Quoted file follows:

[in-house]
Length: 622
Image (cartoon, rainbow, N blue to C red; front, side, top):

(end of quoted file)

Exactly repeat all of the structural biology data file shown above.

[in-house]
Length: 622
Image (cartoon, rainbow, N blue to C red; front, side, top):